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Gundabad

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{{disambig-two|a mountain in [[Rhovanion]]|[[Middle-earth Role Playing|MERP]] supplement|[[Mount Gundabad (book)]]}}
 
{{disambig-two|a mountain in [[Rhovanion]]|[[Middle-earth Role Playing|MERP]] supplement|[[Mount Gundabad (book)]]}}
 
{{location
 
{{location
| image=[[Image:Mount Gundabad.jpg|250px]]
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| image=[[File:Larry Elmore - Mount Gundabad.jpg|250px]]
 
| name=Mount Gundabad
 
| name=Mount Gundabad
 
| type=Mountain
 
| type=Mountain
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| inhabitants=[[Dwarves]]<br/>[[Orcs]]
 
| inhabitants=[[Dwarves]]<br/>[[Orcs]]
 
| realms=Kingdom of Durin's Folk<br/>[[Angmar]]<br/>Orc of the Mountains
 
| realms=Kingdom of Durin's Folk<br/>[[Angmar]]<br/>Orc of the Mountains
| description=A large mountain, where Durin the Deathless awoke, later capitol of the Orcs of the region
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| description=A large mountain, where Durin the Deathless awoke, later capital of the Orcs of the region
 
| climate=
 
| climate=
 
| othernames=
 
| othernames=
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==History==
 
==History==
According to the [[Dwarves]], [[Durin I|Durin the Deathless]], eldest of the [[Fathers of the Dwarves]], awoke at Mount Gundabad in the north of the Misty Mountains shortly after the [[Awakening of the Elves]].<ref>{{PM|Dwarves}}</ref> Mount Gundabad remained a sacred holy site to the Dwarves ever after and a meeting place with the other Fathers of the Dwarves. However, at some point during the [[Second Age]] [[Orcs]] [[First Sacking of Gundabad|attacked]] the mountain, and took it for themselves.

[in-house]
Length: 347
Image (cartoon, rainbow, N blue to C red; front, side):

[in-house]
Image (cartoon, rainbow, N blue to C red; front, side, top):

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According to the [[Dwarves]], [[Durin|Durin the Deathless]], eldest of the [[Fathers of the Dwarves]], awoke at Mount Gundabad in the north of the Misty Mountains shortly after the [[Awakening of the Elves]].<ref>{{PM|Dwarves}}</ref> Mount Gundabad remained a sacred holy site to the Dwarves ever after and a meeting place with the other Fathers of the Dwarves. However at some point during the [[Second Age]], [[Orcs]] that survived the destruction of [[Angband]] wandering in the [[Northern Waste]], [[First Sacking of Gundabad|attacked]] the mountain and took it for themselves.
  
In the [[Third Age]], the [[Orcs]] of [[Angmar]] claimed it as their capital, which was one of the reasons for the Dwarves' special hatred of this people. After the fall of Angmar Gundabad remained an Orc stronghold, until it was [[Second Sacking of Gundabad|cleaned]] of Orcs during the [[War of the Dwarves and Orcs]].  But the Orcs repopulated it over the next two hundred years, although after the [[Battle of Five Armies]], there probably weren't as many.   
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In the [[Third Age]], the [[Orcs]] of [[Angmar]] claimed it as their capital, which was one of the reasons for the Dwarves' special hatred of this people. After the fall of Angmar Gundabad remained an Orc stronghold, until it was [[Second Sacking of Gundabad|cleaned]] of Orcs during the [[War of the Dwarves and Orcs]] in the 2790s. The Orcs did however repopulate it over the next two hundred years, although after the [[Battle of Five Armies]] their numbers never reached its former strength again.